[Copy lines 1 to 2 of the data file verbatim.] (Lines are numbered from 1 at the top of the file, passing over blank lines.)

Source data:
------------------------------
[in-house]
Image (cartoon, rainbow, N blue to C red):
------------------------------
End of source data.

[in-house]
Image (cartoon, rainbow, N blue to C red):